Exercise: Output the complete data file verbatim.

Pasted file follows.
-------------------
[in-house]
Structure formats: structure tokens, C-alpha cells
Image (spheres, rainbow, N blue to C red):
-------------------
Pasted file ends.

[in-house]
Structure formats: structure tokens, C-alpha cells
Image (spheres, rainbow, N blue to C red):